ESA/Hubble and NASA, R. Cohen

Both Webb and Hubble are space telescopes, but they differ in many ways. Hubble sees ultraviolet light, visible light, and a small slice of infrared, while Webb will primarily look at the universe in infrared.

Webb – which is 100 times more powerful than Hubble – will be able to peer into objects whose light was emitted more than 13.5 billion years ago, which Hubble cannot see. In effect, this light has been shifted into the infrared wavelengths that Webb is specifically designed to detect.

But because Webb was designed that way, it will also miss celestial objects in the visible and ultraviolet light that Hubble can see.

“In fact, Hubble is the only major-class observatory that can access UV wavelengths,” Wiseman said.

A collage shows side-by-side images from the Hubble and James Webb space telescopes

A deep-field image from the Hubble Space Telescope, left, and a deep-field image from the James Webb Space Telescope, right.


While Webb has been branded as the successor to Hubble, the two space observatories will team up to unveil the universe together.

Wiseman indicates how they will provide information on how stars are born in cosmic dust clouds and disperse in most galaxies. “Hubble, for example, can detect and analyze in detail the searing blue and UV light from star-forming nebulae in nearby galaxies,” Wiseman said, adding, “It can be compared to the vigor of the formation of stars in the early universe as detected with Webb.”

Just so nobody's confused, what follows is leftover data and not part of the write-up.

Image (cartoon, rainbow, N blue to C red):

The two space telescopes will also combine their gazes to peer into the atmospheres of other worldslooking for signs that they might harbor life.

Astronomers typically look for the ingredients that sustain life on Earth – liquid water, a continuous source of energy, carbon and other elements – when searching for vital planets. In 2001, Hubble carried out the first direct measurement of the atmosphere of an exoplanet.

“In our own galaxy, the understanding of the planets inside and beyond our own solar system will be greatly enhanced with the Webb and Hubble combo,” Wiseman said, adding, “Signatures of water, methane and other atmospheric constituents will be identified using the combined spectroscopic capabilities of Webb and Hubble.”

Artist's impression of a planet orbiting a yellow Sun-like star labeled HD 209458 - the first direct detection of the atmosphere of a planet orbiting a star outside our solar system.

In 2001, Hubble made the first direct detection of a world’s atmosphere orbiting a star beyond our solar system. An artist’s impression of the planet, which orbits a star called HD 209458.

G. Bacon (STScI/AVL)

And while Webb might be considered astronomy’s shiny new toy, Hubble’s Unique Capabilities in capturing visible and ultraviolet light still make it a sought-after tool for understanding the cosmos. “Hubble is currently at its peak in terms of science performance,” Wiseman said. That’s thanks to a team of NASA technical experts on the ground who monitor and quickly address any technical challenges that arise, she added.

“The number of proposals from scientists around the world who want to use Hubble has grown to more than 1,000 a year, with only the top fraction of these being selected for actual observations,” Wiseman said, adding, “Many between them complement the observations offered by Webb.”